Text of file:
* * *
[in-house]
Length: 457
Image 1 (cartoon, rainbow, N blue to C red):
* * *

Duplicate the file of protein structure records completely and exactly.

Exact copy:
[in-house]
Length: 457
Image 1 (cartoon, rainbow, N blue to C red):